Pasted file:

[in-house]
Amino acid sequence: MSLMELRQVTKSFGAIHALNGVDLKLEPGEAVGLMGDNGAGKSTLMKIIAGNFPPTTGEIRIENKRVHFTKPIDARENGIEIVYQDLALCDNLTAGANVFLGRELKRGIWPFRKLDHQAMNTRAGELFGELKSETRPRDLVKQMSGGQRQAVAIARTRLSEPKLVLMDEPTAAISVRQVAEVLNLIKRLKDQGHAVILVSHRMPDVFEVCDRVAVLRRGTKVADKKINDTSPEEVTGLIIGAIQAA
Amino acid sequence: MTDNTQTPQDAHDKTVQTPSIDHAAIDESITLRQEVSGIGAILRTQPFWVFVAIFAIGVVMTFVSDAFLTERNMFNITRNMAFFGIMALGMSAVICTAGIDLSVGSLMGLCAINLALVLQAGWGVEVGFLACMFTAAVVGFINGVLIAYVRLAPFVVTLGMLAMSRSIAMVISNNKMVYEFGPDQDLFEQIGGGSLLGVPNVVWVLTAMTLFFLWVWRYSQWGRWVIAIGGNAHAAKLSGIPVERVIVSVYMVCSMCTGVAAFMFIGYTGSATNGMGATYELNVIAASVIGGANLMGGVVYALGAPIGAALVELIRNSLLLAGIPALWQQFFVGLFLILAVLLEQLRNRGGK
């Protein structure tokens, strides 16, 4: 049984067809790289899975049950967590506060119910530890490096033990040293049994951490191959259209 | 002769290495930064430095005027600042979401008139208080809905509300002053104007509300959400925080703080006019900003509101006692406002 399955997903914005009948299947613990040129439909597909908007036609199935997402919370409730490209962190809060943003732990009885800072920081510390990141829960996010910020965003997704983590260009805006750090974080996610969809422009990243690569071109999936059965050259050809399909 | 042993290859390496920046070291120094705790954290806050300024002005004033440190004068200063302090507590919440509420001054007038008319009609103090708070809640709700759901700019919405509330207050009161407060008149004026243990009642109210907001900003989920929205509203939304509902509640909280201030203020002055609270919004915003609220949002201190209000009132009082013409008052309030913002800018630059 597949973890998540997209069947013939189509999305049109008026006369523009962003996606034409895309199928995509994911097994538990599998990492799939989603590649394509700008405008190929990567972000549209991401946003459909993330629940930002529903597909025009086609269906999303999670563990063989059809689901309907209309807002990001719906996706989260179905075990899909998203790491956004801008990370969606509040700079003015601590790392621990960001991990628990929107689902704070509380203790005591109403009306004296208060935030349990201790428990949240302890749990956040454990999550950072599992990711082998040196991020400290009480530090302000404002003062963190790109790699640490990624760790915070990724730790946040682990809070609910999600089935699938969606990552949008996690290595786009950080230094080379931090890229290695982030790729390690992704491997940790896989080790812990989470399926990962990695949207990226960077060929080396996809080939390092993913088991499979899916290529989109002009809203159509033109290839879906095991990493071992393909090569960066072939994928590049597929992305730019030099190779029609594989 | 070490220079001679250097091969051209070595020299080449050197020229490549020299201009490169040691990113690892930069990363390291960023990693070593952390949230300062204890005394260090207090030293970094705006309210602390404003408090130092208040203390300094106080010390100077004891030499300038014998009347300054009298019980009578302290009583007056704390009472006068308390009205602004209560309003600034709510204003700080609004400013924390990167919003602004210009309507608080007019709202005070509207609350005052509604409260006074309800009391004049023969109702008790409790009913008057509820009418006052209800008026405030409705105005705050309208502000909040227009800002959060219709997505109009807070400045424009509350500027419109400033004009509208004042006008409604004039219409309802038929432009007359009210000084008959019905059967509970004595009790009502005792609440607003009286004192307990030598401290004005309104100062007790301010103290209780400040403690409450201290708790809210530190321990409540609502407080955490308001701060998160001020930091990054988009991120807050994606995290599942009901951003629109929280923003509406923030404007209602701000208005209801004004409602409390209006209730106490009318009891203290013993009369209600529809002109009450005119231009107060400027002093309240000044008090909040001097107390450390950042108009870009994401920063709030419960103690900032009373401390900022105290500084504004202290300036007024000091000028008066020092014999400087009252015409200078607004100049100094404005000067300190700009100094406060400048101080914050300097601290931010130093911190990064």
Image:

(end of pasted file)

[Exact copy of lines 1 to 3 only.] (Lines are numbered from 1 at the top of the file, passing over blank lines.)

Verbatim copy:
[in-house]
Amino acid sequence: MSLMELRQVTKSFGAIHALNGVDLKLEPGEAVGLMGDNGAGKSTLMKIIAGNFPPTTGEIRIENKRVHFTKPIDARENGIEIVYQDLALCDNLTAGANVFLGRELKRGIWPFRKLDHQAMNTRAGELFGELKSETRPRDLVKQMSGGQRQAVAIARTRLSEPKLVLMDEPTAAISVRQVAEVLNLIKRLKDQGHAVILVSHRMPDVFEVCDRVAVLRRGTKVADKKINDTSPEEVTGLIIGAIQAA
Amino acid sequence: MTDNTQTPQDAHDKTVQTPSIDHAAIDESITLRQEVSGIGAILRTQPFWVFVAIFAIGVVMTFVSDAFLTERNMFNITRNMAFFGIMALGMSAVICTAGIDLSVGSLMGLCAINLALVLQAGWGVEVGFLACMFTAAVVGFINGVLIAYVRLAPFVVTLGMLAMSRSIAMVISNNKMVYEFGPDQDLFEQIGGGSLLGVPNVVWVLTAMTLFFLWVWRYSQWGRWVIAIGGNAHAAKLSGIPVERVIVSVYMVCSMCTGVAAFMFIGYTGSATNGMGATYELNVIAASVIGGANLMGGVVYALGAPIGAALVELIRNSLLLAGIPALWQQFFVGLFLILAVLLEQLRNRGGK